Pacific Northwest Ballet's Boundless, which opened on Friday and runs through the weekend, featured three different contemporary choreographers premiering different ballets that all pushed the boundaries of the form in wildly different ways.
In my unhumble opinion, to varying degrees, a couple of the pieces could have used a liiiiittle more time in the shop. But watching the company's dancers breathe life into new roles for the first time made for an exciting evening that's well worth your time—especially if you take advantage of the pay-what-you-can Thursday deal I keep screaming about.
But first, a gripe. I'm tired of seeing every piece of art through the lens of the pandemic—just as I was tired of seeing every piece of art through the lens of the Trump administration even before the country elected him—but some stuff is so big that it's inescapable, as evidenced by the fact that I literally contracted COVID while writing this review. (Consider this your exposure notification, Friday's audience. Sorry!!! For what it's worth, I didn't start experiencing symptoms until Monday. And I could have picked it up anywhere—I've been a bad kid all month.)
Anyway, all of that is to say that I couldn't stop myself from noticing the theme of a kind of Janus-faced renewal winding through these new pieces from Penny Saunders, Jessica Lang, and Alejandro Cerrudo. Each ballet looked back even as it leapt forward, and each featured characters questioning their place in the world in this moment when we're past the peak but still recovering, still trying to reconnect or find new connections. PNB, for instance, has been up and running for a while now, but it's still at nowhere near pre-pandemic attendance levels, according to a letter from Executive Director Ellen Walker in the program.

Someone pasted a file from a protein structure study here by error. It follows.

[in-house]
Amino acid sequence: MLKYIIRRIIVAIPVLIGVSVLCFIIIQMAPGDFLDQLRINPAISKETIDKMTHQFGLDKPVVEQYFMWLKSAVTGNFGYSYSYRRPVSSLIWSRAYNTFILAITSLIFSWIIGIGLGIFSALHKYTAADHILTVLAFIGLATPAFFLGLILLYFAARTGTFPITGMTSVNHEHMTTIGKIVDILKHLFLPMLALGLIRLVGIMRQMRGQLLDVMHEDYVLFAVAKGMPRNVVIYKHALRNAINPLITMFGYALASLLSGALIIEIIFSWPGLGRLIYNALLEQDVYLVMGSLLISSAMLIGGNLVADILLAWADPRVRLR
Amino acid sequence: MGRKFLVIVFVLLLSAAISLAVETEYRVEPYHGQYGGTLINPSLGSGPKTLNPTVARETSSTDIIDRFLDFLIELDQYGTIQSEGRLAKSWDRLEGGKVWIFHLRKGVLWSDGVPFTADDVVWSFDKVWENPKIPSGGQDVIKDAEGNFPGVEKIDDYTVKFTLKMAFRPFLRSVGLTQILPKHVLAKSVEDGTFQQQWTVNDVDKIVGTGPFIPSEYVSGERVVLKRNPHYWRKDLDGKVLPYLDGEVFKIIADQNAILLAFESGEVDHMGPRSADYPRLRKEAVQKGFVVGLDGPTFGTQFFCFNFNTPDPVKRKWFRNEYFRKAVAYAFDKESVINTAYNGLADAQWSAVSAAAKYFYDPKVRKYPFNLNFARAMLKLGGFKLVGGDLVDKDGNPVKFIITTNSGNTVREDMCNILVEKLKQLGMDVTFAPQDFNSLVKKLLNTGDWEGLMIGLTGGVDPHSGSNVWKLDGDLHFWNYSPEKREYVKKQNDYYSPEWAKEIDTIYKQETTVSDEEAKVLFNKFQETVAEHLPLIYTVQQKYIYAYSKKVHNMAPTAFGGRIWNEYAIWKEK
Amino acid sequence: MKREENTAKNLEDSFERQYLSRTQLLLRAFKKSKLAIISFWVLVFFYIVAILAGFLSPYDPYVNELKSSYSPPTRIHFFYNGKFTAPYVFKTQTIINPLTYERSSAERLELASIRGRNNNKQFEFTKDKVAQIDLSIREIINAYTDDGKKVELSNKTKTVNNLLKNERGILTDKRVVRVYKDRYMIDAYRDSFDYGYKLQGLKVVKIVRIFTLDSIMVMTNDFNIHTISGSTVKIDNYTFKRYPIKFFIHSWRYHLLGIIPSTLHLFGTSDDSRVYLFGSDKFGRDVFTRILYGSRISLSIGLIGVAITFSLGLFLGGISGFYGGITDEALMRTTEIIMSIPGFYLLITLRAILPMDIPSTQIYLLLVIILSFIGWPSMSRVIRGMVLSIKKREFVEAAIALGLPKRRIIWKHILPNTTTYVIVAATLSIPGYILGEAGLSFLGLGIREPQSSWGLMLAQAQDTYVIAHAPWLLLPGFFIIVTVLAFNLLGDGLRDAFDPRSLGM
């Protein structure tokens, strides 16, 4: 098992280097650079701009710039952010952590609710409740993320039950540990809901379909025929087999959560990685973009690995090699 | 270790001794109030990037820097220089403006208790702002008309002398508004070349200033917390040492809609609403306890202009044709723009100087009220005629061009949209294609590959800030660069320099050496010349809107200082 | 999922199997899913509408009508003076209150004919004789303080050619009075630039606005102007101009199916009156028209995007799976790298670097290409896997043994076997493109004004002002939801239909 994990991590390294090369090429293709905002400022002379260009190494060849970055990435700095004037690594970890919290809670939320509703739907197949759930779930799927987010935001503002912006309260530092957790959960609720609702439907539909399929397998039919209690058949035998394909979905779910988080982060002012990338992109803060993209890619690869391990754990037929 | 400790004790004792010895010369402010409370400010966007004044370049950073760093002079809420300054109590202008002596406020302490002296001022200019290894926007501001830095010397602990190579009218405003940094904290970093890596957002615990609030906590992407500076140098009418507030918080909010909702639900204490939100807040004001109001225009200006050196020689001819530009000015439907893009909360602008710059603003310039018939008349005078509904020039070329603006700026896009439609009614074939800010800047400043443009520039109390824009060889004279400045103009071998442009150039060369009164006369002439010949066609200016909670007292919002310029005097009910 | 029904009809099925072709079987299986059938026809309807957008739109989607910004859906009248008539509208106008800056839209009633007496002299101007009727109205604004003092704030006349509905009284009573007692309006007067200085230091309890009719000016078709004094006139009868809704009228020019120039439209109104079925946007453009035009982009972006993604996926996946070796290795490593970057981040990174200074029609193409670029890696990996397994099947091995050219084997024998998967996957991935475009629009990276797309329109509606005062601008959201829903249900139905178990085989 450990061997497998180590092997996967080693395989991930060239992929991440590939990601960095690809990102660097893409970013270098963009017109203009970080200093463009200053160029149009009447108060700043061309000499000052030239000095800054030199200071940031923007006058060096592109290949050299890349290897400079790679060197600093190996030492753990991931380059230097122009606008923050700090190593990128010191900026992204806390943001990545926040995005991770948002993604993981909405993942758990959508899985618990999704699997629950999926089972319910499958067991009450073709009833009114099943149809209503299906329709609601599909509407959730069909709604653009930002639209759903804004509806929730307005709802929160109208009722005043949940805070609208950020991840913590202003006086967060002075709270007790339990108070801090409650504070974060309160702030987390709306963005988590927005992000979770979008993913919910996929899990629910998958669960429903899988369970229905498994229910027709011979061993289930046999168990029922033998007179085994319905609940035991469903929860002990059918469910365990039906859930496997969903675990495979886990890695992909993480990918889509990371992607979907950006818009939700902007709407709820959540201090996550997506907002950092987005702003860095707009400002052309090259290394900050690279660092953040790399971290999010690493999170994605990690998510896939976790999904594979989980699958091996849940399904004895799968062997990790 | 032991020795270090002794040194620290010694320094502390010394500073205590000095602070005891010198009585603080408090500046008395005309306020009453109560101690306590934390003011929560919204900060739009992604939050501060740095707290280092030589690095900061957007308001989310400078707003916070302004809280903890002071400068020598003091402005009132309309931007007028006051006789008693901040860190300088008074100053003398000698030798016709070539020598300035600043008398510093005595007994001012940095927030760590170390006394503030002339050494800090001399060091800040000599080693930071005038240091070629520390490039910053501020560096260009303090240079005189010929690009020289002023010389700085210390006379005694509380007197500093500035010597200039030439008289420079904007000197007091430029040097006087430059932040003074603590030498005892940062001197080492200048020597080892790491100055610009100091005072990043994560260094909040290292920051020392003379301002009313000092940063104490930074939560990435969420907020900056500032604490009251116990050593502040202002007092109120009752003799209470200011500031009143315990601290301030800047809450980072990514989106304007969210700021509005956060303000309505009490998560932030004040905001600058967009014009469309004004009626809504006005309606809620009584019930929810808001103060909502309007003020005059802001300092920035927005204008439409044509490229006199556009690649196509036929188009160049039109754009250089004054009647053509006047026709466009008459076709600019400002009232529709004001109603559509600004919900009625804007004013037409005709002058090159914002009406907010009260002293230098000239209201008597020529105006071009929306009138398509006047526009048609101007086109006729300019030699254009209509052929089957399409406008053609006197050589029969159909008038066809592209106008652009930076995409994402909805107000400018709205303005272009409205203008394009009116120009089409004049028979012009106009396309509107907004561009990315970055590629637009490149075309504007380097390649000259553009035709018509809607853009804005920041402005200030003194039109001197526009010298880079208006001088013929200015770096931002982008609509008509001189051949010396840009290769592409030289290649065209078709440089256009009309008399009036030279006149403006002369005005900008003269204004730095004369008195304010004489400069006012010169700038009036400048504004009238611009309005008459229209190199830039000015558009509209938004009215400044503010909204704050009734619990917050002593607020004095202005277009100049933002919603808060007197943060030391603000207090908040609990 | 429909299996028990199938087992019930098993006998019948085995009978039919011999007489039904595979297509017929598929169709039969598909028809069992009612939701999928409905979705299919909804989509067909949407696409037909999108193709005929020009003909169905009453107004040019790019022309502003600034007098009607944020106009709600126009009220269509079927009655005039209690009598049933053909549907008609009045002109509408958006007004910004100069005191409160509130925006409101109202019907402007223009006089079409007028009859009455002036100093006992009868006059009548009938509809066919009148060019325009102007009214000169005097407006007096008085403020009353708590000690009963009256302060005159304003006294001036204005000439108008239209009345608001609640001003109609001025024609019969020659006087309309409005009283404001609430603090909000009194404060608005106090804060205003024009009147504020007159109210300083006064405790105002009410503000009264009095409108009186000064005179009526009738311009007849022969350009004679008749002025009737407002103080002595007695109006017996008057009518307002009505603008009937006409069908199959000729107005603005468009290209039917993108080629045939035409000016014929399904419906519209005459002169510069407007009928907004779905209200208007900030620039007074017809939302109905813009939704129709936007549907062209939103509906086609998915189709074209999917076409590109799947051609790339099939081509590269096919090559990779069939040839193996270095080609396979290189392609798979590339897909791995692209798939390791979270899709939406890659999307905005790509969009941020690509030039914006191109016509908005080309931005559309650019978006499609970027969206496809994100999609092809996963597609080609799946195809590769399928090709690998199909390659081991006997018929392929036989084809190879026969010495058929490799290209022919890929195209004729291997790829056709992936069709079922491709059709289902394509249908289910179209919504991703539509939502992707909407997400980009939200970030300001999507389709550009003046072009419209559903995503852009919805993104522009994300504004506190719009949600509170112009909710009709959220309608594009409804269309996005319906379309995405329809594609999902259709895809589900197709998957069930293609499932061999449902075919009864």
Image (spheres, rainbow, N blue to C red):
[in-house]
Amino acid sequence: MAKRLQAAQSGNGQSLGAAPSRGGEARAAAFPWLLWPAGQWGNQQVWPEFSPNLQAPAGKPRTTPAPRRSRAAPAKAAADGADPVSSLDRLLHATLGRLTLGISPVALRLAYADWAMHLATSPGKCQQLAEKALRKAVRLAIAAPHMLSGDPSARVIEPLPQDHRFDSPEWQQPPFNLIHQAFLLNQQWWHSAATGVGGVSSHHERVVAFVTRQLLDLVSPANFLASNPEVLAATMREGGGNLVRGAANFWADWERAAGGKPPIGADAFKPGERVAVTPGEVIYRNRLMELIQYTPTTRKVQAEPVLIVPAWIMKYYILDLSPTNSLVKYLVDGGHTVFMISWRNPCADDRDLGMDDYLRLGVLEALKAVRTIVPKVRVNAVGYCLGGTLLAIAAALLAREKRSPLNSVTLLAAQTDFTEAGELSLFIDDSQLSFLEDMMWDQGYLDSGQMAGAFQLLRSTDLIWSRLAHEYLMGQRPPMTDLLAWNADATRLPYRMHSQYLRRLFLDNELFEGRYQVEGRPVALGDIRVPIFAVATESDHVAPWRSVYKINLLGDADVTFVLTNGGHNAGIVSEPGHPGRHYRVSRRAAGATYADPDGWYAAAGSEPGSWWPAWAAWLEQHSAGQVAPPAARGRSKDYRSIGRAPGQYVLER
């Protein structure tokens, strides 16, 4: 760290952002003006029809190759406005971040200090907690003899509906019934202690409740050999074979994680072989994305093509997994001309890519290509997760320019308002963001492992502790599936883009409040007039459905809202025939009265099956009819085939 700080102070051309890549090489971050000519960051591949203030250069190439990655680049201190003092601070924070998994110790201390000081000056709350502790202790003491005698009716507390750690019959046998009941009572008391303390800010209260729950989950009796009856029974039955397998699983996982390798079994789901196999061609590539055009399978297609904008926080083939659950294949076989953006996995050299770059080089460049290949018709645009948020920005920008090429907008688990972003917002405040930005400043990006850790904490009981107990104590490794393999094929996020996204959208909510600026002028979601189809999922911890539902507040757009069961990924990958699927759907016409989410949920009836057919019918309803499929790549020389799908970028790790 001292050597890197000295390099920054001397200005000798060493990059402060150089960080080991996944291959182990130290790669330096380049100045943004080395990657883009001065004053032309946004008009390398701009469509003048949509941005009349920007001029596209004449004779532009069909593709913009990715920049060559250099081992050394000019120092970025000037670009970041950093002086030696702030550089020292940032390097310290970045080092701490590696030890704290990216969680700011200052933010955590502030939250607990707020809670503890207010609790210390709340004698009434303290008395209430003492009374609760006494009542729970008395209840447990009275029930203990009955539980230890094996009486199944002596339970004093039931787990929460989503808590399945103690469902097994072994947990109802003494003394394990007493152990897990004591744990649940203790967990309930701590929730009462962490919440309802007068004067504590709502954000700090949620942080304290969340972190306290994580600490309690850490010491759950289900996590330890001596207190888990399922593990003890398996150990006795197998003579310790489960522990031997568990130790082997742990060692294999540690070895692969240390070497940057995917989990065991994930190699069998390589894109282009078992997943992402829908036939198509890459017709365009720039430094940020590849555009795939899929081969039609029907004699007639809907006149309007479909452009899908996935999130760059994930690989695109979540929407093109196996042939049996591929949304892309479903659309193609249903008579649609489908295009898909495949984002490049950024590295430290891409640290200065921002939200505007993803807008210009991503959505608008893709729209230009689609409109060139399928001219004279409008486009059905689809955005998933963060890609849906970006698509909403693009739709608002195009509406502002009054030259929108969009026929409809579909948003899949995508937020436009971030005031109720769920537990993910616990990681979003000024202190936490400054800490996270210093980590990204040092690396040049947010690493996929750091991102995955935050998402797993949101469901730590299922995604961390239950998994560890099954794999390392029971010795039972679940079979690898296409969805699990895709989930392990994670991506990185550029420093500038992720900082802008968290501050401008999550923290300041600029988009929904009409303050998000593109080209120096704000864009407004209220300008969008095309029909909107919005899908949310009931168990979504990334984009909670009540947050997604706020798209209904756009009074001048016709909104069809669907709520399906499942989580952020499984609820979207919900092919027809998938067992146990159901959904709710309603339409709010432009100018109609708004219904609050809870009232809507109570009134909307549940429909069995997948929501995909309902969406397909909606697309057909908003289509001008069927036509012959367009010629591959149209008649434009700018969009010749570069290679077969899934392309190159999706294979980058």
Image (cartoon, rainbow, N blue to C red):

That idea resonated most strongly in Saunders's Wonderland, but how could it not? The piece first premiered digitally during PNB's 2020 plague season, and for this performance, she adapted it for the stage. In the show, dancers in Melanie Burgess's sleek, circusy costumes bust through the 4th wall. They pop out of the orchestra pit, hand-jive beneath the curtain, float up the aisle, and dance in the box seats. It's a free-for-all, a performer's rumspringa. Even principal dancer Dylan Wald, who's been out with an injury, made his return with a fun bit in the first section.
But in that box-seat-dancing moment, lights threw the dancers' shadows onto the stage curtain as weepy music from Jean-Philippe Goude played. The passage recalled the pandemic's many shades—the dances not danced or else danced alone, the friends not made, and, of course, the COVID dead themselves.
In another scene, dancers wheeled around spotlights onstage, shining them at one another and at the audience, underscoring the anxiety of returning to the work of performance and the work of being in the audience.
But just because I couldn't get the pandemic out of my head while watching Wonderland doesn't mean everyone else will suffer the same affliction. This stage version also works wonderfully as a ballet about the uncertainty, loneliness, and otherworldly beauty that attends the life of a performer. Though the piece was enthralling, I did miss some of the spectacle and surprise contained in the digital production, but, luckily for us all, that version still exists.